When Matthew Kahn, a creative writing student at California State University at Northridge, learned from one of his professors that the bestselling book of 1926 was “The Private Life of Helen of Troy” by John Erskine, he was struck. The class wasn’t reading it, but the book they were reading, “The Sun Also Rises” by Ernest Hemingway, was published the same year. “I thought that was interesting, Kahn told me. “When we think of the books of 1926, we think modernists. We don’t think about the books that most people were actually reading at that time.”
So Kahn decided to read them, 100 years of No. 1 bestsellers, from 1913 to 2013, and post reviews on his blog, Kahn’s Corner. As of the time of this writing, he’s up to 1966 and Jacqueline Susann’s “The Valley of the Dolls” — decidedly not a hit with this reader. But Kahn has come across a few surprises and can offer an unusual perspective on what Americans have liked in a book since the First World War. I called him up to get his impressions.
There are definitely some books that I’ll feel like I really don’t want to read them and then it turns out that I have a good reason not to. But then I’ll come across someone like Edna Ferber, who I’d never heard of, who’s great. I’ll come across little gems that slipped through, and that makes it worth it.
I know that around the beginning of 1960 there’s a massive shift toward genre fiction — Le Carré, Stephen King, even Tolkien one year — and away from things like coming-of-age stories. So it’s not going to all be the same.
There are a few absolutely great ones, like “All Quiet on the Western Front” and “The Grapes of Wrath” or “Doctor Zhivago.” It’s hard to choose between ones like that. Of the ones that aren’t well known or have kind of been lost, I’d say Ferber’s “So Big” or Vicente Blasco Ibáñez’s “The Four Horsemen of the Apocalypse,” a World War I novel.
Harold Bell Wright’s “The Eyes of the World.” And I just read Jacqueline Susann’s “The Valley of the Dolls,” which I did not like at all.
One of my pet peeves is when the author tells you something about the character and then never shows that character displaying that trait.
In “Valley of the Dolls,” it’s mostly a matter of character construction, which is kind of lazy. It’s just a matter of respecting your readers. You have to create good characters if it’s a character-based story. In that book the main character, Ann Wells, is a complete Mary Sue. In every challenge she faces, someone else solves it for her. Yet the book is all about how great she is. The writer will tell you something, or the other characters will mention a trait the character has, but the character never exhibits it.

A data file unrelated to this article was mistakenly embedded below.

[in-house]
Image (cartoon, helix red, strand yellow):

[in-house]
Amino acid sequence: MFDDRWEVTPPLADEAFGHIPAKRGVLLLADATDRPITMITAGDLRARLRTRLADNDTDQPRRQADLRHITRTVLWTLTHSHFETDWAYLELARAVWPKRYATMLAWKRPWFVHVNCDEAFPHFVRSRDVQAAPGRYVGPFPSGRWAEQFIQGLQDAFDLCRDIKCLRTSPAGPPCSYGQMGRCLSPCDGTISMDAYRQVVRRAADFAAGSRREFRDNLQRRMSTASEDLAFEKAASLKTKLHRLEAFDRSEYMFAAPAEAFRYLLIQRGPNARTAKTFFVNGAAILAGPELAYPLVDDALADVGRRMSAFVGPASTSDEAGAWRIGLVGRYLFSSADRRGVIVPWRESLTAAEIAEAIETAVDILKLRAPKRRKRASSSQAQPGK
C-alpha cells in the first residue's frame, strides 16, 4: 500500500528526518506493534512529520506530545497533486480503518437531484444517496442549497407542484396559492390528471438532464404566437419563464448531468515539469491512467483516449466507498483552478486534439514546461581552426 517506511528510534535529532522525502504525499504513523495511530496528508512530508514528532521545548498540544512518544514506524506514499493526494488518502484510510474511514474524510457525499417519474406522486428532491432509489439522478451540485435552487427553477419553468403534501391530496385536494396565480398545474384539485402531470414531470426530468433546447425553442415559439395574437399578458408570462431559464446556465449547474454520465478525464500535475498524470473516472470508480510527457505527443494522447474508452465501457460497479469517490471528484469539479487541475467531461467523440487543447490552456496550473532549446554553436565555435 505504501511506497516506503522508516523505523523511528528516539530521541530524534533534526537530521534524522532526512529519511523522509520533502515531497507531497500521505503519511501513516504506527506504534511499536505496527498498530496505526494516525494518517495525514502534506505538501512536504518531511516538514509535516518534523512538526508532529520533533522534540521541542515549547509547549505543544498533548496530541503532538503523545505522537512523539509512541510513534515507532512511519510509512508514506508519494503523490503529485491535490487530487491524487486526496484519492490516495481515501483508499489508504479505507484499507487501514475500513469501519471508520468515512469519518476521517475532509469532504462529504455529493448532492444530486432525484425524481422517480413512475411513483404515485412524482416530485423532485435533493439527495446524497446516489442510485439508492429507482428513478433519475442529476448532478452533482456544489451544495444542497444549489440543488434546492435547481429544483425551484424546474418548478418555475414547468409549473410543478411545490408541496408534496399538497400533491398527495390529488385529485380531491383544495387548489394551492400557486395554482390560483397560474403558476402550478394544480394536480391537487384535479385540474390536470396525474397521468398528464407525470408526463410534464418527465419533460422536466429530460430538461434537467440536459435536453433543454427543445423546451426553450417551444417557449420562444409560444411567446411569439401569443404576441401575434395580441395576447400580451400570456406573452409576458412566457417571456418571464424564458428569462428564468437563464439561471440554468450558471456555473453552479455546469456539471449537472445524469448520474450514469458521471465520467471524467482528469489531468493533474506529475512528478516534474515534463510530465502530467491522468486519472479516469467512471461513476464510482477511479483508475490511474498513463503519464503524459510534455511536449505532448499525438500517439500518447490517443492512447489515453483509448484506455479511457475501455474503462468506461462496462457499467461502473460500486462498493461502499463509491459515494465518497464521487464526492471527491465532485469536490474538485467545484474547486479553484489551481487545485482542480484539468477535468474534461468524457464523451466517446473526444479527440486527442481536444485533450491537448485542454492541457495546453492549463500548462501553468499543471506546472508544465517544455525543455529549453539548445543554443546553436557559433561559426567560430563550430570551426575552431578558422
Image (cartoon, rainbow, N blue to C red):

Were you surprised by any of these books, not necessarily in terms of quality, but in the subjects dealt with or the techniques the author used?
The first one I read, “The Inside of the Cup,” was by Winston Churchill — but not that Winston Churchill. It’s not so much against religion, but for a more liberal religion, a step away from dogma. That’s not something you necessarily expect in a bestseller from 1913. “Elmer Gantry” by Sinclair Lewis is even more in that vein.
That’s a very savage portrait of a corrupt charismatic revival tent preacher, right?
What do you like about “So Big”?
It really comes down to complex characters and some really nice writing, too. The prose is great. It has a message without hitting you over the head with it.
Bestsellers today do sometimes come on pretty strong with the messages. I suppose some people feel like they need to learn life lessons from fiction.
Some of the books from the early 20th century do that, too. Look at Lloyd C. Douglas and a bunch of writers who are just incredibly religious. There are at least four I’ve read where the apostles are actually characters in the story.
So they’ve got biblical settings?
Yes. Douglas has a couple, set in Israel. Thomas B. Costain has one. Then there’s “The Song of Bernadette” by Franz Werfel.
About Saint Bernadette! I think I’ve seen the movie. Were there patterns you observed, or qualities that you think help make a novel a bestseller?
Well, controversy helps. Sinclair Lewis was banned. For Steinbeck, there was a famous controversy over “The Grapes of Wrath.”